Less than a month from when it was supposed to kick-off, Woodstock 50 was officially canceled by event organizers
Woodstock 50 is officially canceled.
On Wednesday, it was announced that the beleaguered music and arts festival would no longer be happening after a series of troubles, including attempts by the festival’s former financier to cancel the event in court in May, set organizers back. The festival was originally scheduled to take place Aug. 16 through Aug. 18, and it was meant to serve as a tribute to the original event that took place in 1969.
“We are saddened that a series of unforeseen setbacks has made it impossible to put on the Festival we imagined with the great line-up we had booked and the social engagement we were anticipating,” Woodstock co-founder Michael Lang said in a statement.
According to Variety, the organizers had originally signed a contract with Amplifi to host the 50th anniversary of Woodstock in Watkins Glen, New York, from Aug. 16-18, but Amplifi’s parent company and concert financier, Dentsu Aegis Network, attempted to cancel Woodstock 50 in April after logistical issues began to arise. In a statement to Billboard, Dentsu shared fears that the site at Watkins Glen would not be ready to safely accommodate the 100,000 people expected to attend.
Judge Barry Ostrager found in May that Dentsu, an advertising and marketing agency based in Japan, and its subsidiary Amplifi, did have a “control option” to assume control over the music festival should the concert organizers fail to show an ability to actually put on the show. However, that control stopped short of “unilateral cancellation power,” meaning they could not cancel the festival entirely.
Though the concert was set to go on as planned in its new location at the Merriweather Post Pavilion in Maryland, Judge Ostrager declined to order Dentsu to pay back the $17.8 million that Lang alleged had been “siphoned” from the festival’s bank accounts. With Dentsu/Amplifi not forced to return the $17.8 million to Woodstock concert organizers, cash flow issues seemed to pose a major issue for the festival.
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Merriweather Post Pavilion — which is just outside of Washington, D.C. — had agreed to host the festival if the bands came to play. Woodstock 50 was planning to create a free benefit concert to raise awareness and funding for get-out-the-vote non-profit HeadCount and select organizations that combat global warming.
“When we lost the Glen and then Vernon Downs [a venue in Vernon, New York] we looked for a way to do some good rather than just cancel,” Lang said in his statement. “We formed a collaboration with HeadCount to do a smaller event at the Merriweather Pavilion to raise funds for them to get out the vote and for certain NGOs involved in fighting climate change. We released all the talent so any involvement on their part would be voluntary. Due to conflicting radius issues in the D.C .area many acts were unable to participate and others passed for their own reasons.”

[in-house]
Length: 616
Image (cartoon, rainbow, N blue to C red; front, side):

“I would like to encourage artists and agents, who all have been fully paid, to donate 10% of their fees to HeadCount or causes of their choice in the spirit of peace,” he continued. “Woodstock remains committed to social change and will continue to be active in support of HeadCount’s critical mission to get out the vote before the next election. We thank the artists, fans and partners who stood by us even in the face of adversity. My thoughts turn to Bethel and its celebration of our 50th Anniversary to reinforce the values of compassion, human dignity, and the beauty of our differences embraced by Woodstock.”
Artists originally slated to headline Woodstock 50 included Miley Cyrus, JAY-Z, the Killers, the Black Keys and Chance the Rapper, as well as Woodstock ’69 veterans Santana and Grateful Dead offshoot Dead & Company featuring John Mayer.
Greg Peck, principal of Woodstock 50, added in a statement: “The unfortunate dispute with our financial partner and the resulting legal proceedings set us off course at a critical juncture, throwing a wrench in our plans and forcing us to find an alternate venue to Watkins Glen. The timing meant we had few choices where our artists would be able to perform. We worked hard to find a way to produce a proper tribute — and some great artists came aboard over the last week to support Woodstock 50 — but time simply ran short. We are greatly disappointed and thank all of our supporters, including the team at Merriweather Post Pavilion and Howard County Executive Calvin Ball. Woodstock’s values of peace and tolerance are more important today than ever for all of us to stand for and we look to the future for ways to honor and celebrate these ideals.”
Though they were able to eliminate the venue challenges Woodstock 50 faced “quickly,” Seth Hurwitz, chairman of I.M.P. (which owns the Merriweather Post Pavilion), said they were “just too late to the game.”
“Hopefully, with plenty of time to prepare, Merriweather will become the site of a future festival that captures the original vibe,” he said. “A lot of people clearly wanted it to happen.”
Said Howard County Executive Calvin Ball: “I share in the disappointment of everyone who hoped to celebrate the anniversary of ‘Peace & Music’ with a festival this summer. While Woodstock 50 will not be coming to Howard County, we continue to offer tremendous cultural events at Merriweather Post Pavilion and beyond.”